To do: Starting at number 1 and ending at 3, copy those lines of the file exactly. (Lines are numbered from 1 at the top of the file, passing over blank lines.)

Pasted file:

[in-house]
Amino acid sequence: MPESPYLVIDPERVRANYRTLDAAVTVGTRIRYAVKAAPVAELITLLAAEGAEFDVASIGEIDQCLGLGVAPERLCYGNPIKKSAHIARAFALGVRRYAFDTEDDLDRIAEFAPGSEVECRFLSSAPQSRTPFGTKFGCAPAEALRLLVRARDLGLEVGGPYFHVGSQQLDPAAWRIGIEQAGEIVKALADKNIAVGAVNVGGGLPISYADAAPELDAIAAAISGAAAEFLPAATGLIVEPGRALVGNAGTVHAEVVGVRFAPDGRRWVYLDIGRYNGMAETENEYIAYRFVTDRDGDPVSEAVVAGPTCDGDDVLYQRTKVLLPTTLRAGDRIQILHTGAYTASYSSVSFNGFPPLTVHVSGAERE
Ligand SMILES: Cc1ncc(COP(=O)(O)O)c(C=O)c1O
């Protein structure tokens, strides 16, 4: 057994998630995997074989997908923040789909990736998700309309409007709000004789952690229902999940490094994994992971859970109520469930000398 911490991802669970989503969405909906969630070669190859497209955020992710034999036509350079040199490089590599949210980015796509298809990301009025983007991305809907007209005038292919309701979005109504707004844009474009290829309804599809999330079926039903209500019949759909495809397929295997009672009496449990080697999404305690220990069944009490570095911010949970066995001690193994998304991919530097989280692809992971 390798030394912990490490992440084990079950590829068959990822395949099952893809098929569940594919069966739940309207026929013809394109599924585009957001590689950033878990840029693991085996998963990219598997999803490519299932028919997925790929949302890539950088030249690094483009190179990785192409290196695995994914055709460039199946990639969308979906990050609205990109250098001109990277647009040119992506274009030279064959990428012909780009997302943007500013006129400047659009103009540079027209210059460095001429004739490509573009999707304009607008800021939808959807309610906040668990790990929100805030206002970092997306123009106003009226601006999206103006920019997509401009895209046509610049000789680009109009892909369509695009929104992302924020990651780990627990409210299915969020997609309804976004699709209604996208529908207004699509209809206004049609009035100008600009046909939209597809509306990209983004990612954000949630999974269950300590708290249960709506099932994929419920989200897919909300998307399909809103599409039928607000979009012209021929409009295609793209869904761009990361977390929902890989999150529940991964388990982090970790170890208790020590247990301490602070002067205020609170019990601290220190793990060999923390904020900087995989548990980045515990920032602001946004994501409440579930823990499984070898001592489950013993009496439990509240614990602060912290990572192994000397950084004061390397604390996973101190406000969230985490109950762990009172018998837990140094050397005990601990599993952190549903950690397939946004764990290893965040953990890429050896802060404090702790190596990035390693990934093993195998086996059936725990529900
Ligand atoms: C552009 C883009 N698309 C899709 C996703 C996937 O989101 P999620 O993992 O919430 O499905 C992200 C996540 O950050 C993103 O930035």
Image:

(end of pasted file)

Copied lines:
[in-house]
Amino acid sequence: MPESPYLVIDPERVRANYRTLDAAVTVGTRIRYAVKAAPVAELITLLAAEGAEFDVASIGEIDQCLGLGVAPERLCYGNPIKKSAHIARAFALGVRRYAFDTEDDLDRIAEFAPGSEVECRFLSSAPQSRTPFGTKFGCAPAEALRLLVRARDLGLEVGGPYFHVGSQQLDPAAWRIGIEQAGEIVKALADKNIAVGAVNVGGGLPISYADAAPELDAIAAAISGAAAEFLPAATGLIVEPGRALVGNAGTVHAEVVGVRFAPDGRRWVYLDIGRYNGMAETENEYIAYRFVTDRDGDPVSEAVVAGPTCDGDDVLYQRTKVLLPTTLRAGDRIQILHTGAYTASYSSVSFNGFPPLTVHVSGAERE
Ligand SMILES: Cc1ncc(COP(=O)(O)O)c(C=O)c1O